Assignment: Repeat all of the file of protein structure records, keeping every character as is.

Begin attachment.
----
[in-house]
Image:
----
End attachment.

[in-house]
Image: